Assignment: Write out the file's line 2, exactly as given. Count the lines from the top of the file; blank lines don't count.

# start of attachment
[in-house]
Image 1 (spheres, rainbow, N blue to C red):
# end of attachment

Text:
Image 1 (spheres, rainbow, N blue to C red):